and severe), as more and more blood vessels become blocked.
Outpatient surgery, also known as ambulatory surgery, same-day surgery or day surgery, is
surgery that does not require an overnight hospital stay.
A physician (Medical Doctor) specializing in diagnosis and treatment of refractive, medical and
surgical problems related to eye diseases and disorders.
An illuminated instrument for visualizing the interior of the eye (especially the fundus, the back
portion of the interior of the eyeball).
Optic Disc, Optic Nerve Head
The ocular end of the optic nerve that denotes the exit of retinal nerve fibers from the eye and
entrance of blood vessels to the eye.
Optic neuritis is an inflammation of the optic nerve, the bundle of nerve fibers that transmits visual
information from your eye to your brain. Pain and temporary vision loss are common symptoms of
A professional who makes and adjusts optical aids, e.g., eyeglass lenses, from refraction
prescriptions supplied by an ophthalmologist or optometrist.
The largest sensory nerve of the eye; the optic nerve carries impulses for sight from the retina to
A doctor of optometry (OD) specializing in vision problems, treating vision conditions with
spectacles, contact lenses, low vision aids and vision therapy, and prescribing medications for
certain eye diseases.
The discipline dealing with the diagnosis and treatment of defective eye coordination, binocular
vision, and functional amblyopia by non-medical and non-surgical methods, e.g., glasses, prisms,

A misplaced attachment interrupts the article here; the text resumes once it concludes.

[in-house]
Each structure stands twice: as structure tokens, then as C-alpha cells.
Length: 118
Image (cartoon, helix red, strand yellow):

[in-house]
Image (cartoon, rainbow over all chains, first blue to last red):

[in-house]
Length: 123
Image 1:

Covering an amblyopic patientʼ s preferred eye to improve vision in the other eye.
A method of charting the extent of a stationary eyeʼ s field of vision with test objects of various
sizes and light intensities. Also aids in detection of damage to sensory visual pathways.
Peripheral Vision (Side Vision)
Vision elicited by stimuli falling on retinal areas distant from the macula.
Abnormal sensitivity to, and discomfort from, light. Photophobia may be associated with
excessive tearing, and often results from inflammation of the iris or cornea.
The use of ultrasonic vibration to shatter and break up a cataract, making it easier to remove.
Refractive condition in which there is a diminished ability to focus on near objects arising from the
loss of elasticity of the crystalline lens, as occurs with aging. It usually becomes significant after
A more serious form of retinopathy. In this form, the blood vessels are so damaged they close off.
In response, new blood vessels start growing in the retina. These new vessels are weak and can
leak blood, blocking vision, which is a condition called vitreous hemorrhage. The new blood
vessels can also cause scar tissue to grow. After the scar tissue shrinks, it can distort the retina
or pull it out of place, a condition called retinal detachment.
An effective surgery for certain types of retinal detachments. It uses a bubble of gas to push the
retina against the wall of the eye, allowing fluid to be pumped out from beneath the retina. It is
usually an outpatient procedure done with local anesthesia.
An abnormal wedge-shaped growth on the bulbar conjunctiva that may gradually advance onto
the cornea and require surgical removal. Pterygium is often related to sun irritation.
A drooping of an upper eyelid. It may be congenital or caused by paralysis or weakness of the 3rd
cranial nerve or sympathetic nerves, or by excessive weight of the upper lids.
The variable-sized black circular opening in the center of the iris that regulates the amount of light
that enters the eye.
An eyeʼ s refractive error leading to prescribing of the best corrective lenses. A series of lenses in
graded powers are presented to determine which provide the sharpest, clearest vision.
An optical defect in an unaccommodating eye; parallel light rays are not brought to a sharp focus
precisely on the retina, producing a blurred retinal image. This can be corrected by eyeglasses,
contact lenses, or refractive surgery.
Light sensitive nerve tissue in the eye that converts images from the eyeʼ s optical system into
electrical impulses that are sent along the optic nerve to the brain.